The American Assassination of Black Safety

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Botham Shem Jean was murdered in his own home by a law enforcement officer.

The tragedy is not just in the recent occurrence of police murdering an unarmed black person. The tragedy lies in the fact that this is not a surprise, nor is the effort by law enforcement and public officials to assassinate the character of the victim, even though he had done nothing wrong.

The lack of safety while living in black skin in this country goes far beyond physical abuse. Being black in America means you can be murdered by the police in your own home, and the country will ask what you did wrong.

Being black in America means you can be 12 years old and murdered by the police while playing in the park, and your parents will get no justice.

Being black in America means you can share your frustrations, your pain, your hurt, your fear and your tears with your colleagues, and they will say you don’t have any right to feel any of it.


The emotional exhaustion to live day to day, doing everything to ensure you do nothing wrong while trying to build a life for yourself, impacts one’s physical and mental well-being. But African-Americans typically do not discuss these issues because it is seen as weakness, when there are a wide variety of external aggressors working to tear down the strength of black existence.

This has been a systemic issue for centuries, and even when our leaders and communities cry out for justice, they fall on deaf, uncaring ears.

Even those of us who have achieved a measure of success in life can be weighed down by the burden of micro-aggressions. How due to our skin and size we can assume to be at a certain level, or have a certain position, not be recognized by peers, or not be respected by our co-workers.

For me, it is tiring to carry the weight of pain in my heart and on my shoulders.

To smile and laugh or look away to make others feel comfortable around me.

To think of the moments where we may be seconds away from things turning a different way. Where by luck or by fortune the tides turned in our favor, and yet we are still seen as unequal in the eyes of my neighbors and my peers.

To live a life where, were I to be needlessly and senselessly killed, an errant picture or a misunderstood book can characterize me as a radical instead of a professional.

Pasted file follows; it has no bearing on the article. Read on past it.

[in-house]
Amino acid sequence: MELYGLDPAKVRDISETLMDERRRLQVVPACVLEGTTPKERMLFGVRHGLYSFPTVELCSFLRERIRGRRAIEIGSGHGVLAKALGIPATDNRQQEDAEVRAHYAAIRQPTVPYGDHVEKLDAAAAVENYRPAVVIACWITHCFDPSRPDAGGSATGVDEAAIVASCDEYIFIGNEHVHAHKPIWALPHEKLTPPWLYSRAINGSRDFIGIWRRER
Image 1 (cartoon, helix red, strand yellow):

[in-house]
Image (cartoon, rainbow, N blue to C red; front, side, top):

Unfortunately, I do not believe I will ever feel safe in life, and I know that in death there will still not be rest until and unless I live past a certain age. For the next generation, however, there is hope.

Being at Facebook, I am very fortunate to be with a company that has the resources and support to lift up our communities, to train young people, and develop those willing and able to be an influence. We can create opportunities for small businesses to boost their presence. We can coach, inspire, connect and create spaces to lift the voices of the voiceless. We can celebrate our heritage and celebrate our joy.

And because of that, and my relative privilege to be in a position to influence, I still stand.

Too many of us can’t.

And I still speak. Too many of us have no voice.

And I still fight. And cry. And hope for a world where little black boys and girls can play in the park and go home to their families with a smile on their face, and a head full of dreams, committing to do what I can with the platform we have here to make a difference where I can.

Because for Botham, for Trayvon, for Jordan, for Tamir, for Eric, and for so many others, their fight is done. Their families will never be able to hug them again. But there is still an entire generation that doesn’t need to live out their final moments in fear, or face a world awaiting judgment. And my arms are open to them.

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